Do Your Product Descriptions Make or Break the Sale?
When you’ve invested the time and money to bring relevant traffic to your website, it can be a huge disappointment when your products don’t sell the way you expect them to.
Especially when you use good images and optimize for the search engines. So, what’s missing?
According to Marketing Profs, it might be your product descriptions. And that’s a problem, because, as the company implies, “The product description is one of the most important aspects of your online shop when it comes to conversion.”
Here are 6 rules to follow in order to create product descripions that sell:
Rule #1 – Know Your Customer
“Perhaps the most important element of a high-converting product description is that it is written with an understanding of who the ideal customer is for your offering,” states Marketing Profs.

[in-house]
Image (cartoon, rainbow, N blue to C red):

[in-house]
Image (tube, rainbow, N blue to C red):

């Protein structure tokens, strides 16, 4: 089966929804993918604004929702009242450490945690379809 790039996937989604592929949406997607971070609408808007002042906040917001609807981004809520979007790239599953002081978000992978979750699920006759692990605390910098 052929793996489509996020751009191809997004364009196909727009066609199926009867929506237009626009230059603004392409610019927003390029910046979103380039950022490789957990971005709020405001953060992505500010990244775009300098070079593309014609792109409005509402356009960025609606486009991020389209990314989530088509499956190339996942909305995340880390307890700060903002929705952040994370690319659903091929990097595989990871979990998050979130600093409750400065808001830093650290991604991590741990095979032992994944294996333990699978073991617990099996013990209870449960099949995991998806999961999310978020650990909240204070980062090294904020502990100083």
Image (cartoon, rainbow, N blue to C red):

Consider your core audience and make a list of the ways your product fits into your customers’ lives. For example, what are their main needs? How and/or where would they use your product? How do they prefer to buy—online or instore?
Take the information you gather about your customers and use it as the foundation of your product descriptions, framing the content from their point of view.
Don’t forget to infuse the product copy with your brand voice. This will deepen the relationship you have with your customers, providing a more consistent user experience.
Rule #2 – Make Sure Product Details are Accurate
“Creating accurate product descriptions takes the element of surprise out of an online purchase,” says Izea. “It also lets people know that they can trust your brand.”
When you consider that about half of all customers have returned an item because of an inaccurate product description and that more than half of customers who’ve returned something to a retailer aren’t likely to make another purchase from that brand, the stakes are high.
Think about the information your customers would find most helpful to know before they decide to make a purchase. Your descriptions should be used to answer your customers’ questions before they even need to ask them. This will help you prevent returns, refunds, and negative reviews down the road.